Among 546 plant members of family Rutaceae, the genus Zanthoxylum is widely known. It is commonly used in cooking, as a spice, and also in alternative medicine for the treatment of carminative, dyspepsia, anthelmintic, stomachic disorders and fever. On the basis of these uses, scientists have selected these plants for phytochemical studies, isolating, characterized and evaluated a hundred secondary metabolites and alkaloids such as coumarins, flavonoids, limonoids, and volatile oils, identifying a series of leading compounds with antidiarrheal, antimicrobial, antileishmanial, anticholinesterase, antiprotozoal, larvicidal and antioxidant activities.
Indeed, genus Zanthoxylum contains a wide variety of amides, and those derived from L-phenylalanine and cinnamic acids are known as zanthoxylamide protoalkaloides. Armatamide, rubecenamide, lemairamin, rubemamine and zanthosine are the representative molecules of this family and recently the scientific community have become interested in their biological activities. Structure-taste relationship studies of cinnamamides against the umami taste (one of the five basic tastes together with sweetness, sourness, bitterness, and saltiness) have revealed that the 3,4-dimethoxycinnamic moiety is the responsible for modulating receptors associated with the umami taste in both in vitro and in vivo studies. Due to their outstanding umami properties, these protoalkaloids will be used in preparation of human food very soon, but before that, their toxicological profile needs to be studied and validated in vertebrate models related with humans like the zebrafish embryo model.
Recently, Dr. Carlos E. Puerto Galvis and Prof. Vladimir V. Kouznetsov (Industrial University of Santander, Colombia) developed a mild and efficient method for the synthesis, at gram-scale, of diverse zanthoxylamide protoalkaloids through the direct amidation between commercially available phenylethylamines and cinnamic acids, obtaining a series of 29 substituted N-phenylethyl cinnamamides using the tris-(2,2,2-trifluoroethyl) borate (B(OCH2CF3)3) as a catalyst in excellent yields.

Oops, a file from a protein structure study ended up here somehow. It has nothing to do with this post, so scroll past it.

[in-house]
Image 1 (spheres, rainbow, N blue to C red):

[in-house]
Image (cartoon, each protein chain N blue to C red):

Then, performing in silico computational methods against eight toxicity risks (mutagenic, hepatotoxicity, carcinogenicity, immunotoxicity, tumorigenic, cytotoxicity, reproductive effects and irritant), the authors found that the tested molecules exhibited moderate immunotoxicity and possible reproductive effects, while among different biological targets, these protoalkaloids showed a high affinity to the amine oxidase A (AOFA) and prostaglandin G/H synthase 1 (PGH1 receptors.
Finally, the acute toxicity toward zebrafish embryos (96 hpf-LC50, 50% lethal concentration) was also determined in the present study for the synthesized zanthoxylamide protoalkaloids, and with the toxicity data of the selected reference compounds, an in vivo toxicity scale was established in which the average LC50 for the zanthoxylamide protoalkaloids fit in the safe region, indicating their low toxicity (LC50 values around 217 μM) on living organisms and their possible environmental impact.
Puerto Galvis, C. E., & Kouznetsov, V. V. Synthesis of zanthoxylamide protoalkaloids and their in silico ADME-Tox screening and in vivo toxicity assessment in zebrafish embryos. European Journal of Pharmaceutical Sciences, 127 (2019) 291-299. doi:10.1016/j.ejps.2018.10.028Go To European Journal of Pharmaceutical Sciences